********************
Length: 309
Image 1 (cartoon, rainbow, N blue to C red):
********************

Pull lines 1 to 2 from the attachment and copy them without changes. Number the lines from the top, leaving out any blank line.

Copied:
Length: 309
Image 1 (cartoon, rainbow, N blue to C red):